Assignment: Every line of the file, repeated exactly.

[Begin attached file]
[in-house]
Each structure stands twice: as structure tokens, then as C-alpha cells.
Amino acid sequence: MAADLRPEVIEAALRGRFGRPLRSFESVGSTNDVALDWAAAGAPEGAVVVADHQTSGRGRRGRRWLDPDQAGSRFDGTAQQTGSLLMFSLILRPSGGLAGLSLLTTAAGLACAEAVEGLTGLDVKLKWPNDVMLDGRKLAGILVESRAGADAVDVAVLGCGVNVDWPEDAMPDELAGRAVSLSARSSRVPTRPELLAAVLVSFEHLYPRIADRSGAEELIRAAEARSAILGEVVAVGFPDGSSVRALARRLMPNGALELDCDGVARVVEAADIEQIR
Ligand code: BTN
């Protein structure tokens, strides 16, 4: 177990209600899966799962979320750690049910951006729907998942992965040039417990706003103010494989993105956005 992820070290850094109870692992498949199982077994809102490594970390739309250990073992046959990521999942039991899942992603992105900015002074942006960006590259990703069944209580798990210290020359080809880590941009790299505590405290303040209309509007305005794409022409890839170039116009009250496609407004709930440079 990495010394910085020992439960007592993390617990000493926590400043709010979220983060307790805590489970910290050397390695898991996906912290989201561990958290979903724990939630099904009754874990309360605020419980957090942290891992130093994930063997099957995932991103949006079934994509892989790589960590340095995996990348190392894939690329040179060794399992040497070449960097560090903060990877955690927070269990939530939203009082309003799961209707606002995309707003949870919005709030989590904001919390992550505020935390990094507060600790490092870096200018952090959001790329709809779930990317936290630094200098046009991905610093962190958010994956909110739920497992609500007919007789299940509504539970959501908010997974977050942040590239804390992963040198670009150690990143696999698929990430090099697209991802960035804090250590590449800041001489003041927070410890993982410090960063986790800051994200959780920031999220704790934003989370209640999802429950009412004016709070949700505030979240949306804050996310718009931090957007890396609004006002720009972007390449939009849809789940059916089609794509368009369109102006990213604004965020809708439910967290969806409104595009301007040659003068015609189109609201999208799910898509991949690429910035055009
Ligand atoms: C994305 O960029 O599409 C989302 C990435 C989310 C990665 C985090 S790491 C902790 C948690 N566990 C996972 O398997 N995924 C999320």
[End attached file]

[in-house]
Each structure stands twice: as structure tokens, then as C-alpha cells.
Amino acid sequence: MAADLRPEVIEAALRGRFGRPLRSFESVGSTNDVALDWAAAGAPEGAVVVADHQTSGRGRRGRRWLDPDQAGSRFDGTAQQTGSLLMFSLILRPSGGLAGLSLLTTAAGLACAEAVEGLTGLDVKLKWPNDVMLDGRKLAGILVESRAGADAVDVAVLGCGVNVDWPEDAMPDELAGRAVSLSARSSRVPTRPELLAAVLVSFEHLYPRIADRSGAEELIRAAEARSAILGEVVAVGFPDGSSVRALARRLMPNGALELDCDGVARVVEAADIEQIR
Ligand code: BTN
């Protein structure tokens, strides 16, 4: 177990209600899966799962979320750690049910951006729907998942992965040039417990706003103010494989993105956005 992820070290850094109870692992498949199982077994809102490594970390739309250990073992046959990521999942039991899942992603992105900015002074942006960006590259990703069944209580798990210290020359080809880590941009790299505590405290303040209309509007305005794409022409890839170039116009009250496609407004709930440079 990495010394910085020992439960007592993390617990000493926590400043709010979220983060307790805590489970910290050397390695898991996906912290989201561990958290979903724990939630099904009754874990309360605020419980957090942290891992130093994930063997099957995932991103949006079934994509892989790589960590340095995996990348190392894939690329040179060794399992040497070449960097560090903060990877955690927070269990939530939203009082309003799961209707606002995309707003949870919005709030989590904001919390992550505020935390990094507060600790490092870096200018952090959001790329709809779930990317936290630094200098046009991905610093962190958010994956909110739920497992609500007919007789299940509504539970959501908010997974977050942040590239804390992963040198670009150690990143696999698929990430090099697209991802960035804090250590590449800041001489003041927070410890993982410090960063986790800051994200959780920031999220704790934003989370209640999802429950009412004016709070949700505030979240949306804050996310718009931090957007890396609004006002720009972007390449939009849809789940059916089609794509368009369109102006990213604004965020809708439910967290969806409104595009301007040659003068015609189109609201999208799910898509991949690429910035055009
Ligand atoms: C994305 O960029 O599409 C989302 C990435 C989310 C990665 C985090 S790491 C902790 C948690 N566990 C996972 O398997 N995924 C999320």